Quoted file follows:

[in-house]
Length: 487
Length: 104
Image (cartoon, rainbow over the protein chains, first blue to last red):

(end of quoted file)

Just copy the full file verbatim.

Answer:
[in-house]
Length: 487
Length: 104
Image (cartoon, rainbow over the protein chains, first blue to last red):